“The biggest EVS yet,” Thomas Walter, part of the team that manages Messe Stuttgart, exclaimed when he opened the 30th Electric Vehicle Symposium on Oct. 9, 2017. At this point, he thought that he was dealing with 5,000 conference participants and trade show visitors, but the actual number was closer to 9,500. For these 3 days, the German city of Stuttgart could have been the world capital of electric transportation.
Even the organizers were surprised by the rush of people eager to attend EVS, the Electric Vehicle Symposium & Exhibition, in 2017. There were so many requests, especially in the 3 days leading up to the event, that official registration had to be stopped. In all, according to the official count, about 1,700 attendees, from 53 countries, flocked to last year’s EVS conference to update themselves on recent developments in electric transportation at the International Congress Center Stuttgart. And instead of the 250 exhibitors initially anticipated, there were 353.
Staying disruptive through electrification
The organizers used what you might call an oversized auditorium to publicly declare that Stuttgart was to usher in a “new era of clean transportation.” Alluding to the Bonn climate summit, COP23 (see Hydrogen featured at climate conference COP23), the declaration was meant to spread “a message of hope, a true assessment of feasibility and a call to action.” Espen Hauge, president of the World Electric Vehicle Association, affirmed that …
“The life cycle assessment has already turned out positive, despite the difficulties of making a clean product in a dirty economy […] The global CO2 emissions of an electric vehicle can be up to 13 times lower than that of a comparable combustion engine car. This figure includes emissions for producing the vehicle if renewable energy is used to generate the electricity.”
Espen Hauge, World Electric Vehicle Association
There were also admonishing voices. Winfried Kretschmann, governor of the German state of Baden-Württemberg, explained that a lot was at stake. He said, “Our role as pioneers in technology, our economic power, our jobs and our natural environment must be protected from the consequences of a changing climate. The challenges are great.” He added, “It’s clear that in Baden-Württemberg we will have to shift into high gear.” In the same vein, the chair of the National Platform for Electric Mobility, Henning Kagermann, said that more marketing would help.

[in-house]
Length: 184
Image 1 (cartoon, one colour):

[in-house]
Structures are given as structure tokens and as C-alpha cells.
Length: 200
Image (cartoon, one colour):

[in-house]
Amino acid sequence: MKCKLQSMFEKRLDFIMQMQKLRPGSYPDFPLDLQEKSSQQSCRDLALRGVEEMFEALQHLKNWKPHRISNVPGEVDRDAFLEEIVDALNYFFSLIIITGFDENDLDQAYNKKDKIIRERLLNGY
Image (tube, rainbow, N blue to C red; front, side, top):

An Airbus for batteries
Maroš Šefčovič from the European Commission called for a strong commitment to …
Plea to keep the combustion engine running
Daimler’s answer to the emissions problem in the transportation sector couldn’t have been more contradictory. Ola Källenius, board member and head of research at the automaker, showed a highly polished presentation including emotionally charged video clips and a bombastic musical score. The basic message was that Daimler would continue with internal combustion engines. For several minutes and without a glance at any notes, Källenius, who is to succeed Dieter Zetsche as chairman of the board in 2019, went on about the merits of conventional technologies. He showed the audience combustion-based racecar engines to be implemented in high-end vehicles by AMG for the road. Then, he asked, “Why did I tell you all this at a conference about electric transportation?”
His answer was that even in 2025, according to the German National Platform for Electromobility, only every fourth vehicle sold on the market is expected to be powered by electricity. The remaining 75 percent would rely on internal combustion engines, which Daimler aims to make as efficient and clean as possible by hybridizing them in cars, vans, trucks and buses.
Although his presentation was anything but encouraging for the electric transportation sector, it was met with a great deal of applause, perhaps partly related to its being delivered in Daimler’s home city.